The next request was for "Genie in a Bottle," followed by a another for the same song. Who are you people?
Only problem was Evan didn't have his phone so he couldn't look up the chords. Aw, too bad.
"Yea, we thought this through," Chris deadpanned at the mic for the third time tonight, his go-to announcement every time things got chaotic onstage.
They decided the smart thing to do was break for intermission, let everyone get drinks, they'd find the chords and start the second act with "Genie."
After a mad rush for the bar (with Will Smith playing on the sound system) and a friend saying to me, "This is crazier than the Ghostlight after party," which is really saying something because that's always a pretty silly evening, the audience mostly took their drinks to their seats so the Nasteffs could carry on.
Because that's what they'd come to do and, by gum, they were going to do it.
Evan sang lead on "Genie," while Marjorie did the best interpretive dance and backing vocals and the band members just cracked up the entire time.
When you think about it, that's actually an appropriate reaction to that silly song.
Midway through the Killers' "When You Were Young," Evan flashed Chris a smile and said, "See, I did learn that last chord." Apparently brotherly one-upmanship never dies.
Nick returned, studying his lyric-filled arm during the intro to "My Sharona," before belting it out which got lots of audience squeals, but then they went into OK Go's "Here We Go Again" sung by Evan, before reverting to "Sharona."
Ye gads, a medley!
Walking offstage, someone called to Nick asking, "Who's Sharona?" and he yelled, "Mine!"
Chris did "Life in the Slaw Lane," an acoustic ode to fruits and vegetables that had the crowd cracking up with every line of wordplay ("Her name was Peaches, a soiled but radishing beauty with huge gourds"), laughing himself at points.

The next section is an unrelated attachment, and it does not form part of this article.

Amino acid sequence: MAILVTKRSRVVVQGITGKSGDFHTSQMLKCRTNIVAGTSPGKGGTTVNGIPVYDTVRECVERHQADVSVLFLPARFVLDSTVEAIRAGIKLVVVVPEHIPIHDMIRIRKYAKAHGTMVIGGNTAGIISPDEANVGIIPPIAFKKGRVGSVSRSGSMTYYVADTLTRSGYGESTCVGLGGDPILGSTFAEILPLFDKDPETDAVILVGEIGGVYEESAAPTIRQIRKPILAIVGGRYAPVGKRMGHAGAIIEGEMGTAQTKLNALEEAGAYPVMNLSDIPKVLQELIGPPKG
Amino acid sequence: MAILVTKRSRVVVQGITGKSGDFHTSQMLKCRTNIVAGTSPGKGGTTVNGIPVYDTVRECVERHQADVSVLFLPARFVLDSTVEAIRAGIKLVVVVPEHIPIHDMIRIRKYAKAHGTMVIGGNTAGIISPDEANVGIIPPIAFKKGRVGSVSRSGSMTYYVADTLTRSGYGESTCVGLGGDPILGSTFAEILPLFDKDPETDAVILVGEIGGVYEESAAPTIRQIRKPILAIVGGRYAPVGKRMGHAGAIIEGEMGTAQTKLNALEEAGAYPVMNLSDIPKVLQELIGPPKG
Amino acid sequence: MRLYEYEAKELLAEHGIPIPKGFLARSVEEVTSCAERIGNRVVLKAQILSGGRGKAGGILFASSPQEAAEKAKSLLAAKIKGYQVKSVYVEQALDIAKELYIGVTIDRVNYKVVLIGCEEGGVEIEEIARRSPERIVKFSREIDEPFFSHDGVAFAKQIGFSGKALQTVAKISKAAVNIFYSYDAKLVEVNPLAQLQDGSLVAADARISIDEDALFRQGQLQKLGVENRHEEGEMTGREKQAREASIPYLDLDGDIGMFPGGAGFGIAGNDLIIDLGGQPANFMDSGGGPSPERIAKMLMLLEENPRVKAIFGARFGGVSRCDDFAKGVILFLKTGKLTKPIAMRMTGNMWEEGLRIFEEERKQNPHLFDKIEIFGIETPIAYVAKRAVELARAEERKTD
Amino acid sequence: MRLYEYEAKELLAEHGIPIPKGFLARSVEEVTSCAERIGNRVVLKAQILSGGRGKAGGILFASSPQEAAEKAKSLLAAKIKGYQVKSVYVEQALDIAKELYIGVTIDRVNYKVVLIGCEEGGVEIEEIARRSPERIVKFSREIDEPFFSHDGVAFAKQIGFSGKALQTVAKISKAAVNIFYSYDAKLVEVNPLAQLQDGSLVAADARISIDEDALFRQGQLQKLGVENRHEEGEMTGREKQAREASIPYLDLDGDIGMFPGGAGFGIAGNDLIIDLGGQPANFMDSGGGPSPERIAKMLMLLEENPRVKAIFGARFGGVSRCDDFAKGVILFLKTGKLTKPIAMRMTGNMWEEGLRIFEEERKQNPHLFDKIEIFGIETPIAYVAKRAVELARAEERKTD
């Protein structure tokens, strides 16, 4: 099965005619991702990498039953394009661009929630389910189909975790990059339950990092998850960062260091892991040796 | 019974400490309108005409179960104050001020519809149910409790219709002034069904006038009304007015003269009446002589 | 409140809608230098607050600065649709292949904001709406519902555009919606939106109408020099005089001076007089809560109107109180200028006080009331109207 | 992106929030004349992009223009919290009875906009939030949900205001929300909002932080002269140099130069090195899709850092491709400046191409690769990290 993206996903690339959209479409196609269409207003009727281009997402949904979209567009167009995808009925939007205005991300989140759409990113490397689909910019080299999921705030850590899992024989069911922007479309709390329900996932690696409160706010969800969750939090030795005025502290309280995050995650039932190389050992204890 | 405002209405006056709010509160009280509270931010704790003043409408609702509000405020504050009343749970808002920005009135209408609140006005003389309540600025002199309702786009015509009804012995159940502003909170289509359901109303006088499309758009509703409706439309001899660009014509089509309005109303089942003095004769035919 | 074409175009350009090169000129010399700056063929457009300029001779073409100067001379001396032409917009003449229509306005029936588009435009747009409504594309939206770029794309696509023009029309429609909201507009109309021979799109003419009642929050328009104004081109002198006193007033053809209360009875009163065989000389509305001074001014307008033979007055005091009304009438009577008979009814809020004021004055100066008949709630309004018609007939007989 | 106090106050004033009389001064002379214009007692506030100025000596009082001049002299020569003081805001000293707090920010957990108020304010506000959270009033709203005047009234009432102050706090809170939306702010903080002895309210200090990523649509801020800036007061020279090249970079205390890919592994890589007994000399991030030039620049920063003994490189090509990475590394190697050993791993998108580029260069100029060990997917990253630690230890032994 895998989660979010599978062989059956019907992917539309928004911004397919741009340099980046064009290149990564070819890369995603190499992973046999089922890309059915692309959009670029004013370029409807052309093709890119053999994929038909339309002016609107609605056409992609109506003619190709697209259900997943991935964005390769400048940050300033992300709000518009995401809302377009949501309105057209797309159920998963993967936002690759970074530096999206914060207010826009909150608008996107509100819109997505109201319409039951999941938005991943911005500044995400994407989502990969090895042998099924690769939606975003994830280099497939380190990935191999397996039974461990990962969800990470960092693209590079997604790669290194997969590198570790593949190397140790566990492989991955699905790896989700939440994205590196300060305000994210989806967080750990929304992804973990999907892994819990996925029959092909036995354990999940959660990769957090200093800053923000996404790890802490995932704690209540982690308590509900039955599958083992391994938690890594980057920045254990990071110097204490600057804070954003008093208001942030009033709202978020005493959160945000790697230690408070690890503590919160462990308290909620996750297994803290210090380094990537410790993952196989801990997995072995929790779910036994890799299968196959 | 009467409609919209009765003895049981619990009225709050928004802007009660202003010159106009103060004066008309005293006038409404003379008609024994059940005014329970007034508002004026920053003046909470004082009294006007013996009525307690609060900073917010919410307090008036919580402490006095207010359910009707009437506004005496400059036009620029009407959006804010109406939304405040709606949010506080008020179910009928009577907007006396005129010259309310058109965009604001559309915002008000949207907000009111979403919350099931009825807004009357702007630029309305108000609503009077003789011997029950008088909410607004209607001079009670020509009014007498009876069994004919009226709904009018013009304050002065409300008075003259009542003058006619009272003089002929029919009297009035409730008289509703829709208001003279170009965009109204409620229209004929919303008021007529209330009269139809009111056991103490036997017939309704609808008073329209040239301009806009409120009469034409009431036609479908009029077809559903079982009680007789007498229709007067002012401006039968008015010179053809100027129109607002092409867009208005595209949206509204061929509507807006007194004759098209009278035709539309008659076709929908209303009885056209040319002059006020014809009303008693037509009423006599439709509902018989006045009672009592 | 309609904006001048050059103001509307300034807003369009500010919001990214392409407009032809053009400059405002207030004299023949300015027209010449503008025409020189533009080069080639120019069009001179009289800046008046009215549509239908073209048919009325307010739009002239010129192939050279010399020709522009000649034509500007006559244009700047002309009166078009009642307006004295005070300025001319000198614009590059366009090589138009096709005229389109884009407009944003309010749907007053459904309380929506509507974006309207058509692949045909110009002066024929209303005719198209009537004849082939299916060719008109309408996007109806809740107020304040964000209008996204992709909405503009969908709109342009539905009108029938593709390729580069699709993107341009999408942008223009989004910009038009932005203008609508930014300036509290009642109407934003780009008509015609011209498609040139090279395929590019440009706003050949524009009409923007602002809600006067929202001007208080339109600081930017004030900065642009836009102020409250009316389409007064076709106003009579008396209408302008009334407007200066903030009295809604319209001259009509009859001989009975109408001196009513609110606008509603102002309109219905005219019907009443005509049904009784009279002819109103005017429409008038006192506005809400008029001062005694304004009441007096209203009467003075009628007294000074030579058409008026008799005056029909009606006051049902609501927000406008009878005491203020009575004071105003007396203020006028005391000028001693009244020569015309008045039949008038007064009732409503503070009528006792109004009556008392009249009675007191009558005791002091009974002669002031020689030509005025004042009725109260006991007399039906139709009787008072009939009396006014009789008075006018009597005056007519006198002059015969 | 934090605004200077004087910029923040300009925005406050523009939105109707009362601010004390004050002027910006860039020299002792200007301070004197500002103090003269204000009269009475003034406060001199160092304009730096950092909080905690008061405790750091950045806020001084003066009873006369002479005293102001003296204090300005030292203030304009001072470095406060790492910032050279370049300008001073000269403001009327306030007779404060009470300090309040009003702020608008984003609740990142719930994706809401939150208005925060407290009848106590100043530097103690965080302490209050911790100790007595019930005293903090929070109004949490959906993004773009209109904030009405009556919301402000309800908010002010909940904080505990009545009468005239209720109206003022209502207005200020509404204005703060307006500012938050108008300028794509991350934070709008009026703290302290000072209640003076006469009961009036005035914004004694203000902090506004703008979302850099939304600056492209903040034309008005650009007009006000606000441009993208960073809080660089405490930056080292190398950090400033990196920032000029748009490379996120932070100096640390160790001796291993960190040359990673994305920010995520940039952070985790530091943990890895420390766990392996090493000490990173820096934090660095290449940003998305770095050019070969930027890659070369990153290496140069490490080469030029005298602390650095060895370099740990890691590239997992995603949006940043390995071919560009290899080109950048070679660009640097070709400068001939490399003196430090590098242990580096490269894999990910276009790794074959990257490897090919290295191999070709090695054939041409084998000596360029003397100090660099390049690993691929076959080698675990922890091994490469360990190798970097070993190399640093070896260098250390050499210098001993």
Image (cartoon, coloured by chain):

Naturally they had to follow that with something crazy like Tenacious D, resulting in Papa Nasteff calling out from the first row, "Play something you know!"
No matter how old you get, they still think they're the boss of you. Pipe down, Daddio.
"We're gonna do a Dire Straits song as re-imagined by the Killers because we're not old as shit," Evan said before trading off vocals with Chris on "Romeo and Juliet," a song I admit I hadn't heard before and I am old as shit, despite what artists might tell me.
Nick and Majorie returned ("Yes, Nick, it's that arm!"), ready to regale us with a song from "School of Rock" while having a dance-off with each other. "Teacher's Pet" was definitely the song where the band rocked out hardest.
"Rock and roll!" someone shouted as they finished. That's what we'd come for.
"We're gonna play our encore as our last song and then do one request," Evan said before "Hey, Jude" and the whole audience joining in for the "na, na, na" chorus, a true kumbaya moment.
Because I've been to the Ghostlight after party plenty, I more or less was certain that "Hit Me, Baby, One More Time" would be the big finale (Evan always closes the show doing it) and I wasn't disappointed.
With the band cracking up, the crowd singing along, tonight's cabaret/rock show ended on the happiest of notes.
The brothers who have always wanted to do a show together can now scratch that off their bucket list after a well-executed performance.
I'm pretty sure they were having as good a time as we were.
Some things you don't have to think through.